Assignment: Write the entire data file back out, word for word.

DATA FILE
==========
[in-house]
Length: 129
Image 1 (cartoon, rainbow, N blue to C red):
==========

[in-house]
Length: 129
Image 1 (cartoon, rainbow, N blue to C red):